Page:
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Treatment for prostate cancer is no fun, so get checked

Harley Sundown
Being diagnosed with -- and treated for -- prostate cancer, as the author was, might not be fun, but it is important. Loren Holmes photo

A few years ago, I was taking a piss, and instead of the usual yellowish plume that comes out on the snow, I was pissing a reddish liquid. Naturally, I was surprised, a little shocked, concerned about what it meant. I went online and looked up what pissing pink colored meant as a symptom. One of the indicators that showed up that was concerning was it could mean possible cancer. Nothing eventful happened after that, but months later, I started feeling a very hot flash continuously at the back of my butt. It was a very weird sensation that I knew wasn't right. I would feel on the cheeks and the area would feel warmer than the outer part of my seat. This went on for a few months, and the heat flashes slowly started being replaced by pain when I was sitting. As the weeks turned into months then into three years, the pain got so bad I could not sit on my seat very long. Sitting became excruciating painful, especially working at the school where I had to sit for extended periods of time. It was even more painful serving Calista Corp. because we would sit all day for three to four days when we met.

During the mid part of three years, I visited the doctors at Bethel and eventually Anchorage. The Alaska Native Medical Center doctor took what seemed like a reluctant biopsy. The doctor seemed like he did not want to acknowledge that anything was wrong. Before the biopsy, I had a blood test that tested what is called the PSA level. The PSA level in my blood was slightly elevated. Everyone has a normal range when it comes to a PSA test on your blood. PSA is an indicator that shows something like cancer is growing in prostates for men. The doctor found that there was a growth on my prostate but it was benign. Benign in medical terms means something that is not cancerous but growing. The other term is malignant and that means that the growth is cancer.

The problem persisted with having discomfort sitting down. I had to resort to laying sideways to be comfortable for the next year and a half. I finally convinced a doctor at another clinic to do another biopsy. He was also reluctant to do this because sometimes doctors maybe trust each other or maybe because the doctor thought I was a little whacko, persisting and persisting for a test. The doctor finally decided to do a second biopsy on my prostate. He explained that he needs to take at least 12 samples from the prostate. This happens for men by the doctor sticking an anuk-size probe in your teqhole. Once inside, they shoot a needle through the colon wall into your prostate. He did this 12 times. This happens with some anesthesia so you won't feel the needles too much. Nonetheless, you still feel the prick of the needle inside.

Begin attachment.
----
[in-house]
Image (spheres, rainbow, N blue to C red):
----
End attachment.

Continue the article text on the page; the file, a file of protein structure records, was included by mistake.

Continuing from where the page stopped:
I came home in December, and right before Christmas, the doctor finally called and said he had found cancer in my prostate. It was kind of like a can't-believe moment that was both shocking and hard to believe. I had been suspecting all this time that I may have cancer, but to actually hear it made my mind work between sadness and happiness. Sadness because I thought of how cancer can kill; happiness that my worst fears were true. It was hard to concentrate on things for about a week. I decided to go to Chevak after the diagnosis because the annual Christmas tournament was going on. I told people even though I found some of that tough. As the week went by, I got over any negative thoughts and quit worrying about it.

I then started talking with the doctor about treatment options, and I had done some research before I went to see him. There are a number of options: complete removal of the prostate; radiation from outside; radiation specifically at the target area, which some may call tomotherapy; cryoknife, which is the actual freezing of the prostate because that kills cancer, too; or radiation seeds implanted inside the prostate -- about 21 of these are put inside and they give off radiation over three days. What I found about the radiation was it not only killed the cancer, it also killed the tube that goes down from the ureter gland. He said if the cancer came back after radiation, they would not be able to cut out the prostate because they would have almost no way to reconnect the urinary tube; so many inches are damaged that it shortens. After consideration after consideration, I decided to have the prostate removed completely. There are some side effects with each procedure, but the removal at least took away the cancer permanently without any radiation follow-up.

So here I am, prostate to be removed, removed, and healing. Still coaching because I love basketball like I love my wife, like I love raspberry white chocolate scones, bacon in the morning, rib soup at VIP in Anchorage, “60 Minutes” on Sunday, moose hunting in the fall, seal hunting in the spring. Healing does take some time for prostate removal, but the time spent healing is worth it to anyone. Hopefully, none of you men will go through what I went through.

Harley Sundown of Scammon Bay is an educator and former member of Calista Corp.'s board of directors.

The views expressed here are the writer's own and are not necessarily endorsed by Alaska Dispatch, which welcomes a broad range of viewpoints. To submit a piece for consideration, e-mail  commentary(at)alaskadispatch.com.